So, why keep Y.App?  Well it’s perfectly possible that I will have tasks outside of the single composite view, in which case the app will be used.  If not, it is easily used later.  If you were looking at the code and thinking “hmmmm… that code seems superfluous”, you were exactly right.

 

Summary

 

Almost every “code smell” I had is now gone, which always makes me feel better about things. The experience also enlightened me to some of the nuances of YUI.  A great deal of thanks to Satyam on the YUI forums for taking the time to educate me.  My thanks again to all others who have commented or messaged me.  Now back to adding new features!

 

The Code

 

You can download the new sources right here.

 

As pretty much every single file changed, I am just going to dump full sources below.

 

At this point in time, our project looks like:

image

 

index.html

<!DOCTYPE html>

<html>
<head>
    <title>GameFromScratch example YUI Framework/NodeJS application</title>
</head>
<body class="yui3-skin-sam">


<script src="http://yui.yahooapis.com/3.5.1/build/yui/yui-min.js"></script>
<script src="http://code.createjs.com/easeljs-0.5.0.min.js"></script>
<script src="scripts/config.js"></script>
<link rel="Stylesheet" href="/stylesheets/style.css" />

<script>
    YUI().use('app','editorView', function (Y) {

        var app = new Y.App({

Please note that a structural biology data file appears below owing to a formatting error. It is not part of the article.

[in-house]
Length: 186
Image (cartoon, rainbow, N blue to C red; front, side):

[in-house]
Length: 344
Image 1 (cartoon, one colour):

views: {
                editorView: {type: 'EditorView'}
            }
        });

        app.route('*', function () {
            this.showView('editorView');
        });

        app.render().dispatch();
    });
</script>


</body>
</html>

server.js

var express = require('express'),
    server = express();

server.use('/scripts', express.static(__dirname + '/scripts'));
server.use('/stylesheets', express.static(__dirname + '/stylesheets'));

server.get('/', function (req, res) {
    res.set('Access-Control-Allow-Origin','*').sendfile('index.html');
});

server.listen(process.env.PORT || 3000);

 

config.js

YUI_config = {
    groups: {
        classes: {
            base: 'scripts/classes',
            modules:{
                addSpriteSheetDialog: {
                    path:'/addSpriteSheetDialog.js',
                    requires: ['node','spriteSheet','panel']
                }
            }
        },
        models: {
            base: 'scripts/models',
            modules: {
                person: {
                    path: '/person.js',
                    requires: ['model']
                },
                spriteSheet: {
                    path: '/spriteSheet.js',
                    requires: ['model']
                },
                tile: {
                    path: '/tile.js',
                    requires: ['model']
                }
            }
        },
        views: {
            base: 'scripts/views',
            modules: {
                editorView: {
                    path: '/editor.View.js',
                    requires: ['view','io-base','addSpriteSheetDialog','personView',
                        'mainMenuView','mapView','event-custom','handlebars']